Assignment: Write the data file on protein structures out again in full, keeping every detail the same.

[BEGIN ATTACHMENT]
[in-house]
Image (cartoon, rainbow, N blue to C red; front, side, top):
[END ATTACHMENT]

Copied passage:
[in-house]
Image (cartoon, rainbow, N blue to C red; front, side, top):